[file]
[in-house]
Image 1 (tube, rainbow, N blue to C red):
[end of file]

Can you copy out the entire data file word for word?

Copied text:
[in-house]
Image 1 (tube, rainbow, N blue to C red):